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I've seen a lot of questions on Ask Ubuntu about errors like this:

foo post-installation script returned exit status 1

What is a post-installation script, exactly? Where are post-installation scripts located?

I came across this question that is somewhat related, but it discusses post-installation triggers rather than post-installation scripts.

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    "Advanced package manager detects the post-installation script and Dpkg runs the script." Nope. Dpkg is the sole handler of postinst scripts. Apt has nothing to do with it. Apt calls dpkg to do most things, remember.
    – muru
    Feb 10 at 12:36

1 Answer 1

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The name of the script itself says what it does. It means that the script contains commands to be executed after installation is complete.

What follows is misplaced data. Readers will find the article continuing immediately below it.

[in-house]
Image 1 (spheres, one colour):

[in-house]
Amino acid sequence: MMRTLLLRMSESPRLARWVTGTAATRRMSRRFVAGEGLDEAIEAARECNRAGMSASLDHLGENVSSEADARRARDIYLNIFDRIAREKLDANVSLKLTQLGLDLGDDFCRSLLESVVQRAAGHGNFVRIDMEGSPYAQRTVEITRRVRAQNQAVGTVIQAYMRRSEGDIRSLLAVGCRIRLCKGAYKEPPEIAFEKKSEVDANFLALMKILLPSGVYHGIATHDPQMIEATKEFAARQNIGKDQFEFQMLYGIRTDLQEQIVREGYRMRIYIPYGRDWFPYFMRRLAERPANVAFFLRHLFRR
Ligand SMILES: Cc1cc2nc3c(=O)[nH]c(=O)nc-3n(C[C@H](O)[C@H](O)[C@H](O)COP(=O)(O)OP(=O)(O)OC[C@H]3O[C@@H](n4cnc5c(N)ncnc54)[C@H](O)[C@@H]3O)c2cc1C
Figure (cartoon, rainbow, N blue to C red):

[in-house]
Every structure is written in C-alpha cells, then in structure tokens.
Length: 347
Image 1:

Let's understand it in a better way through an example:

  • Assume you're installing a newer kernel. Once the installation of the .deb file is complete, it needs to tell GRUB that the kernel is installed, so that you can boot into it. So the post-installation of the package will tell GRUB that the kernel is installed by executing the commands update-grub and update-initramfs. For more info see the FAQ section.

A more generic example can be this:

  • Assume you're installing the package foo. Let's say now that the package needs a service called bar to be disabled. How will it disable it? The developers will add the command systemctl disable bar.service, which will disable the service, in the foo package's post-installation script. So the package's post-installation script consists of additional commands, updates etc...